Builder confidence jumped seven points in November to 70 after falling to 63 in October, according to the HMI (National Association of Home Builders/Wells Fargo Housing Market Index). The component measuring buyer traffic rose six points to 53, the first time this gauge has been over 50 since October 2005. The index gauging current sales conditions rose seven points to 76 and the index charting sales expectations in the next six months jumped nine points to 78. The three-month moving averages for HMI scores rose six points in the Northeast (51), three points in the Midwest (61), two points in the West (79) and one point in the South (67). It was the twentieth consecutive month the HMI remained above 50 and the highest level of confidence since July 2005. Analysts say that the big 7-point jump can largely be attributed to a post-election bump, as builders are reportedly hopeful that the new administration will reduce regulatory burdens that have been weighing on housing affordability. Unseasonably mild weather during November most likely also boosted sentiment.
MORTGAGE RATES RISE
The 30-year mortgage rate rose to 4.32% at the end of December after rising to 4.03% in November. In November of last year 30-year rates averaged 4.01%. Though still extremely low by many measures, rates have gone up more than half a point since Trump’s election, and as of the end of December were at the highest level since October of 2014.
FREDDIE MAC MORTGAGE RATES REVIEW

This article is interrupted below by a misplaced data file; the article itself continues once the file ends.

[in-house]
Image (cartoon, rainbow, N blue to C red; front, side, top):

The biggest economic surprise for 2016 was the decline in interest rates throughout most of the year. In December of 2015, the Federal Reserve Open Market Committee (FOMC) raised the federal funds rate for the first time since 2006 and most analysts expected to see more increases in 2016. However, concerns about overseas economic growth, particularly in Europe, contributed to declines in mortgage rates to start the year and they continued to drift down through early summer. But the late June Brexit vote shook up markets, sending the 10-year Treasury to its lowest-ever yield and pushing 30-year fixed mortgage rates below 3.5%. Rates remained low throughout the rest of the summer and into early fall. At the beginning of September, rates drifted upward until they stood at 3.54% on the Tuesday before the U.S. election. Interest rates rose substantially following the election, increasing by more than 0.5% in just a few weeks.
FREDDIE MAC HOUSING FORECAST
Over the next two years, Freddie Mac expects that the economy will keep growing at a modest pace, inflation will pick up and the labor market will stay at full employment. Interest rates will gradually rise as the Federal Reserve continues on its path of policy normalization. Housing markets will slow a bit in 2017 but they will recover after they absorb the initial shock of higher interest rates. Mortgage origination activity will slow significantly in 2017 as refinancing activity slows. In 2018, mortgage origination activity will increase slightly, but the composition will shift to a purchase-dominated market last seen in the 1990s.
WELLS FARGO HOUSING OUTLOOK
The higher-interest rate environment largely expected to prevail in 2017 will create some challenges for the housing market, according to the 2017 Housing Market Outlook from Wells Fargo. Housing affordability, while near historic highs, has been falling as home prices have risen much faster than incomes in recent years. The inevitable rise in mortgage rates will further reduce affordability. The strengthening of the dollar will also reduce sales to international buyers. Within starts, Wells Fargo says there is a subtle shift toward less expensive homes. Builders, particularly in the South, the nation’s largest housing market, are focusing more intently on homes priced at or below the median new home sales price, currently at a near historic premium relative to existing homes.